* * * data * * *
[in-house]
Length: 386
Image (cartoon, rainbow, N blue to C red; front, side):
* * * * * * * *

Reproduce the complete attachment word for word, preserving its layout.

[in-house]
Length: 386
Image (cartoon, rainbow, N blue to C red; front, side):